How is bookmark made and why one should use them. Bookmarks appeared about the same period as the first handwritten books, and they were most likely employed in the earliest codices. They appeared throughout Europe, Africa, and Asia, and were mostly stiff (made of wood, bone, gold, or other metals), as books were still distinctive and valuable things at the time. The foundations for the bookmark as we know it today were set throughout the Middle Ages, with the usage of thread, leather strips, and ribbons, followed by the first paper or thin wooden bookmarks, and finally the creation of many unique and clever solutions, such as revolving bookmarks.
The bookmark evolved into the tool we know and love in the nineteenth century, printed on paper with a hole and a little thread looped through it. The bookmark began to play an essential part in company promotion after the introduction of advertising and rising literacy rates made books a mainstream product.
Whether you’re devouring New York Times Bestsellers, keeping up with the newest business trends, or browsing the classics, every bibliophile requires one thing: a good bookcase. A bookmark that’s as interesting as the books you’re reading. To mark the pages, you might use a receipt from today’s lunch, an envelope from a recent bill, or even a magazine renewal postcard. But why is that? That’s really dull!
With all the bookmark designs available, where do you start on your bookmark making journey? A good brainstorming session is a great place to begin, as this allows you to figure out what you like (and don’t), determine what is already on the market and identify any gaps that could be filled with your creativity.
Bookmarks are items that are handled and viewed repeatedly – they may even become a reader’s trusted friend, used again for different books. They must be attractive, entertaining, and engaging in addition to being helpful; in other words, they must entice people to want to use them. They are not business cards: individuals that stuff bookmarks with information, special offers, and content, in my opinion, are making a mistake. Do not succumb to the urge to cram every last square inch!
For example, here is a bookmark I produced many years ago to promote a blog I was writing at the time, and I chose to include a lot – perhaps too much – information. Nobody would have used it between the pages of a book, at least not purposefully, because it looked like a mini-flyer, a type of odd business card.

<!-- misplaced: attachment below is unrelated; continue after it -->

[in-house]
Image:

Bookmarks are simple graphic design products, but precisely for this reason it is important to design them well and not make any mistakes. The first thing to do is to choose the optimum size and paper.
Here are some recommendations:
A bookmark should be:
- 5-8 cm wide
- 12-21 cm long
These intervals have been chosen because bookmarks have to fit easily between the pages of a book, and the smallest standard books are around 14-15 cm long.
standard 5 x 21 cm format, suited to larger books
The paper you choose for your bookmark should be quite thick, but not as heavy as card: between 150 and 250 gsm is perfect. The finish is also important – if you opt for recycled or natural paper there’s no need for additional finishes, but coated paper may be even more effective with lamination added.
You may also consider a shaped cut; in this case you need to order our Custom Tags, cut to your chosen shape.
3.The different parts of a bookmark
Bookmarks are divided into two parts: the front and the back. Since the cost of printing remains the same, it’s worth making use of both. Leaving the back blank makes a bookmark look cheap and unprofessional.
The front is the most important part, and must have a striking design (we’ll look at this in more detail in the next paragraph), while the back should contain a brief text, potentially a call to action (but extremely short) and your contact details (name, website, email and potentially your phone number or address).
Once you have established the basic layout, you can create the graphic design. As mentioned above, bookmarks must grab people’s attention, and be fun or loveable in some way – providing a certain extra something that adds value to their function. After all, their function can be performed by any scrap of torn paper, even toilet roll!
You’d think it would be easy to do better than a piece of Andrex, but you’d be surprised: there’s a lot of work involved!
Deciding on a bookmark’s appearence
There are basically two ways of making a bookmark:
- base it on an image
- base it on a piece of text
Bookmarks based on text
Bookmarks with text are probably more difficult from the standpoint of graphic design: the colour, font, and size of the typeface all have a significant impact on the final appearance. Keep things simple and consistent with the rest of the project, is the greatest advice I can provide.